Maybe I’m just old, but aside from being condescendingly polite as she poked through the corners of my boat, CG Lady 1 had arms covered with not so lovely tattoos. Though indecipherable in their totality, one tattoo said “Freedom” in script.
With absolutely no reason to think that anyone aboard had committed a crime, we were all asked to present our passports or driver’s licenses, and our information was compared to the police database. This is nothing but a gratuitous invasion of privacy.
I am so glad, however, that they did not insist on boarding the German shepherd to sniff for whatever. It would have ended badly. The officers would have been forced to shoot our Maltese and cocker spaniel to prevent their hapless shepherd from being mauled.
WHY WE BOAT
I don’t know about you, but I did not get into boating to belong to a yacht club. I didn’t do it to become expert on pumps and wiring and other mechanical systems, though that has been an unintended side effect. I got into boating because a good sail is exhilarating, because I associate being on the water with freedom and because many of the very best places in the world can be reached by water.
The opposite of freedom is having armed officers of the state coming on my boat for no reason. To me, this incident raises serious larger issues. This trend in on-the-water law enforcement became even more distorted after 9/11, and, like Norm Schultz, I think it’s time to reappraise the direction. I agree with Ben Franklin, who once said: “He who sacrifices freedom for security deserves neither.”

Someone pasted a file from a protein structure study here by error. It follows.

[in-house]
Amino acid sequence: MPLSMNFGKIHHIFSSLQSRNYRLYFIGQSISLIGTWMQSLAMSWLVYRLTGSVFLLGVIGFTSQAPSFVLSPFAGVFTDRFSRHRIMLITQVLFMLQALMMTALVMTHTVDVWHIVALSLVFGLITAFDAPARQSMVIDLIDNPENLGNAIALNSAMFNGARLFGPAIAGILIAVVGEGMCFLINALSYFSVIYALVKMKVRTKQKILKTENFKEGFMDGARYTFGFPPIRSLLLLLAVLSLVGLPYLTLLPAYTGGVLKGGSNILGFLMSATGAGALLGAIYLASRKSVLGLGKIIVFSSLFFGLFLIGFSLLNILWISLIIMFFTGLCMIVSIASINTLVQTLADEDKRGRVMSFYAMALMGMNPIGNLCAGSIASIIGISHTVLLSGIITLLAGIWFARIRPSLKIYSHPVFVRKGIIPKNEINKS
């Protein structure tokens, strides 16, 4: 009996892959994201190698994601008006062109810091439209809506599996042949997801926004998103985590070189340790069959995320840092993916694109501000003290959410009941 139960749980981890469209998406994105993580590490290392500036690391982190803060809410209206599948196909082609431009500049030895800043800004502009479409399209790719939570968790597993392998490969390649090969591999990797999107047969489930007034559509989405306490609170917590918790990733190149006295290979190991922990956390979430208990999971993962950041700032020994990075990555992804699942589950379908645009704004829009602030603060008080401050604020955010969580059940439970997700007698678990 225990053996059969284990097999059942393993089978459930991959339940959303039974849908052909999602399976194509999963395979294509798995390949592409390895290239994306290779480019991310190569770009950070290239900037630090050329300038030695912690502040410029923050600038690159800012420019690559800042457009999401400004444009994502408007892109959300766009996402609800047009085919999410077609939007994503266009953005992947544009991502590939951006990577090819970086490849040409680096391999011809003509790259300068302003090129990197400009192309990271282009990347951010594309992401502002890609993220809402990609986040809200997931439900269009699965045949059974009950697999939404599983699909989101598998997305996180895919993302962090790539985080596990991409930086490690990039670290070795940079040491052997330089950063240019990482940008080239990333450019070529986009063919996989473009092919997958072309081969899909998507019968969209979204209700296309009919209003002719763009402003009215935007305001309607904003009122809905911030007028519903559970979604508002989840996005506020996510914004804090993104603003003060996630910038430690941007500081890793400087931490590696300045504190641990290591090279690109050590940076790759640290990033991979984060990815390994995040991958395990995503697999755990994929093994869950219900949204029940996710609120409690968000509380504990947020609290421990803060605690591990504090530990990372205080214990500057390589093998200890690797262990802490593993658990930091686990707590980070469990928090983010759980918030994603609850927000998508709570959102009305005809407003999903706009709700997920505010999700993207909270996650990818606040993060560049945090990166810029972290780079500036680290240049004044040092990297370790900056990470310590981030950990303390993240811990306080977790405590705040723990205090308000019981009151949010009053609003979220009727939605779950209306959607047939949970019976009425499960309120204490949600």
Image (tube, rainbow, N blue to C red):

Now, I promised to tell the story about a squall that swept through the anchorage at Charleston. A boat that had been well upwind of Rio suddenly appeared a few feet from our bow. The rain was coming down in sheets, and their searchlight was directed at us.
Barry, my longtime delivery partner and a former British law enforcement officer, went forward and pointed out the obvious. “You’re dragging,” he shouted above the din. The response was a torrent of obscenities in a German accent reminiscent of Gen. Burkhalter on “Hogan’s Heroes.”
He then accused us of dragging, even though his transom was nearly touching our bow. “I vas here first,” he insisted.
True, that is an anchoring rule, but it does not apply once one’s anchor begins to drag.
I got on the VHF (low-power, for you radio enforcers) and pointed out to our foreign visitor — Barry was now calling him “Fritz” — that us “dragging forward” violated the laws of logic and physics. By then, the squall was subsiding, and Burkhalter/Fritz seemed to have hauled in some chain, pulling his boat away from us.